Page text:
Grant Cooke is a longtime Benicia resident and CEO of Sustainable Energy Associates. He is also an author and has written several books on the Green Industrial Revolution. His newest is “Smart Green Cities” by Routledge.
I have a great deal of respect and gratitude toward municipal politicians, particularly those who toil on the city council and commission level. The hours are long, the decisions tough, and the pay bad to non-existent. Heaven knows that without good folks looking after the stuff that keeps a social contract intact, Thomas Hobbes’s “natural state” of chaos, violence, and potholes would be the norm.
This goes for the folks who lead our fair city. Benicia’s mayor and members of the council seem like fine people. They attend the meetings, do the horrific amount of homework required to be conversant with the issues, and overall appear to be decent folks with a sincere believe that they are doing the collective good by serving their fellow citizens. I’m grateful for their service; but I just wish that three of them—Alan Schwartzman, Christina Strawbridge and Mark Hughes—would resign.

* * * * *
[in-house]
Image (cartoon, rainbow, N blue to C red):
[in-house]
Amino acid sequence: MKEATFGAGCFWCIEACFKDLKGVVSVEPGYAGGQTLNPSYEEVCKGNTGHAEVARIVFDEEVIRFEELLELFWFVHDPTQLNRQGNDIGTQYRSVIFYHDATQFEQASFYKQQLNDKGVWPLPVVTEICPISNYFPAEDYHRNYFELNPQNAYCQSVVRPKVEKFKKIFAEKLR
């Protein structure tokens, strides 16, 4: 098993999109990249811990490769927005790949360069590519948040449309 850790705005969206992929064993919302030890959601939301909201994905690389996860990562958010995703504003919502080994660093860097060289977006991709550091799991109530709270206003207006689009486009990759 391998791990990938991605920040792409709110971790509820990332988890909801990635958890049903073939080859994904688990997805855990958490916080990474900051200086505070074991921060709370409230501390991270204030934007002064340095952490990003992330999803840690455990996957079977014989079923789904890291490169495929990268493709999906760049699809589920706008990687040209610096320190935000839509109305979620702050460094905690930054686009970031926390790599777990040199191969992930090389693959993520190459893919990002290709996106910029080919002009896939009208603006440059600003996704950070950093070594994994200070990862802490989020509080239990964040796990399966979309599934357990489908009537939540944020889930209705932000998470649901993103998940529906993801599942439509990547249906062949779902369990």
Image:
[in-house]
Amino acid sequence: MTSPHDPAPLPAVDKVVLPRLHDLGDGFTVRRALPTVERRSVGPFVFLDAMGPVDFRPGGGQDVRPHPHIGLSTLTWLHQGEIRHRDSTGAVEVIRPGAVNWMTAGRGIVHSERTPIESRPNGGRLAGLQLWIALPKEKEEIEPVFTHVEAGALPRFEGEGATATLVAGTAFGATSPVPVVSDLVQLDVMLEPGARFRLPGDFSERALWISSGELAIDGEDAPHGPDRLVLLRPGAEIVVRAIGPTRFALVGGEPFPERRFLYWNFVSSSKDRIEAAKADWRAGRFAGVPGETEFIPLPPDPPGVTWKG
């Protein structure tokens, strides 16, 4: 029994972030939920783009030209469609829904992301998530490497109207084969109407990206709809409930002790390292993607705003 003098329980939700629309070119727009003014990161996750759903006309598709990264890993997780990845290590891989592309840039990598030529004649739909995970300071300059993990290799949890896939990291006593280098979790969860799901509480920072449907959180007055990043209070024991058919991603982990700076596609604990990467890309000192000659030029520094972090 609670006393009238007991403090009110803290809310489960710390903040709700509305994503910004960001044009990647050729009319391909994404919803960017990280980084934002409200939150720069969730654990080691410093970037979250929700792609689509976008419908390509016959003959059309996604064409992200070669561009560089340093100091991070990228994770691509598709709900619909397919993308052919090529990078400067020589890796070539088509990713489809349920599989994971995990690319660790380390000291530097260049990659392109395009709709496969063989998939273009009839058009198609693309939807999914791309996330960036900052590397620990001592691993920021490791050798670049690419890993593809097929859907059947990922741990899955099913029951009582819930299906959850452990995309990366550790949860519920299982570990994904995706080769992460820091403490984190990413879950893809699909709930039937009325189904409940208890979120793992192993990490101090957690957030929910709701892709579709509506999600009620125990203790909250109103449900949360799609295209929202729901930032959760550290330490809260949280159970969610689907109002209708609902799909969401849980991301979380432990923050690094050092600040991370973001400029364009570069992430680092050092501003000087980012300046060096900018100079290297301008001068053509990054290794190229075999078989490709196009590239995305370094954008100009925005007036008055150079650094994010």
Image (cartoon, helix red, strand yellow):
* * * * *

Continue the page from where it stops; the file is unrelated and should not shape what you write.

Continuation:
Their collective efforts to secure Valero’s delay of the crude-by-rail decision against overwhelming community disapproval, the unanimous rejection of the project by the Planning Commission, the concerns of every major city along the proposed rail path, and the thousands of letters and statements against the project by informed and credible experts raises the bar of small town political shamefulness.
That it was clear from the start that the three council members were going to side with Valero verges on chicanery. Why put the town’s citizens through the hope of believing that their concerns of health and wellbeing are being heard and matter, if you support a volatile project that has a blast zone that includes an elementary school?
Since none of the three has stepped forward with a clear and convincing argument about why they sided with Valero—after all Valero would still bring the oil in by existing means and really doesn’t need the continuous line of daily rail tankers to stay in business and pay its taxes—we are left with the impression that once again, a small American town is at the mercy of a major oil company.
The history of the US oil industry is a trail of tears going back to the early days of ruthless land grabs, the mendacity and murder of Standard Oil’s oligarchy, the tragic violence of the Middle East, and the rise of climate change and environmental pollution. And to think, all this could, and still can, be avoided by shifting from carbon-based to renewable energy.